Iran is the perfect example of how political and religious extremism can ruin sporting success.
The 25-year-old Iranian Sarasadat Jademalsharieh has been one of the most promising chess players in the world since 2012, but she will reside in Spain after the Rapid Games World Cup in Almaty (Kazakhstan) because she plays without a veil, for which she could suffer serious reprisals. of the Iranian regime, which interprets the gesture of uncovering the hair as a demonstration of support for the protests that have shaken Iran in the last three months.
Three years ago, Alireza Firouzja, 16 years old then, now 4th in the world, escaped to France, fed up with being forced to lose by default against Israeli rivals.
Imam Khomeini banned chess after the 1979 Islamic Revolution, but he rectified it shortly before he died, and today Iran is a power,
Jademalsharieh (Khademalsharieh on the official list) already had problems with his country's government when he publicly supported Firouzja's decision in a video and announced that there would be more similar cases if his government's order to refuse to play with Israelis was not changed. .
Married to popular Iranian film director Ardeshir Ahmadi, and the mother of a boy since February, she is now well aware that her safety is at risk if she returns to Iran because she has appeared playing uncovered in several photos.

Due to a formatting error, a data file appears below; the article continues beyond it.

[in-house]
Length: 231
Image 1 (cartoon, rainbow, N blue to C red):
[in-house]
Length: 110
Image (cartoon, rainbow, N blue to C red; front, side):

For this reason, the three will live in a Spanish city —whose name she does not want to divulge for security reasons— after the World Cup in Kazakhstan, two sources close to the player have confirmed to EL PAÍS.
And most likely, she will not play for Iran again, "although you never know," they added.
The Iranian chess player and her family own an apartment in Spain, the sources specified, who do not know if the athlete has already obtained a Spanish residence permit thanks to this property and also if she has requested or intends to request political asylum.
According to the so-called residence visa for investors and entrepreneurs —also known as the
, a non-EU foreigner who buys a real estate property whose value exceeds 500,000 euros will automatically obtain legal residence in Spain.
The chess champion's husband also has a Canadian passport.
The boycott of Israel by Iran and other Muslim countries (not all) includes the World Championships for ages from sub 8 to sub 20. The author of this chronicle asked Iranian delegates and coaches several times in those tournaments what was the point of applying that rule to the kids;
especially when —it happened in several cases— the Iranian boys were playing soccer with the Israelis in the morning.
The answer was always similar to this: “Personally, I have no problem with my boys living with the Israelis.
But, as sports manager, if I allow them to play this afternoon against an Israeli with the Iranian flag, the consequences will be very serious."
Most Islamic countries do not recognize the existence of the Israeli state.